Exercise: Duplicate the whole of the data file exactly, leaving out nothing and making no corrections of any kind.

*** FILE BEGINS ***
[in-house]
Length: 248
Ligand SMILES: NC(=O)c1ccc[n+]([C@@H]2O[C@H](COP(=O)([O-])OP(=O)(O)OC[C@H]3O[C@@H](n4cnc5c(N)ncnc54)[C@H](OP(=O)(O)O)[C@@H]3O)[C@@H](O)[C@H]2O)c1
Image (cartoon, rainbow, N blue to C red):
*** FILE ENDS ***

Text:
[in-house]
Length: 248
Ligand SMILES: NC(=O)c1ccc[n+]([C@@H]2O[C@H](COP(=O)([O-])OP(=O)(O)OC[C@H]3O[C@@H](n4cnc5c(N)ncnc54)[C@H](OP(=O)(O)O)[C@@H]3O)[C@@H](O)[C@H]2O)c1
Image (cartoon, rainbow, N blue to C red):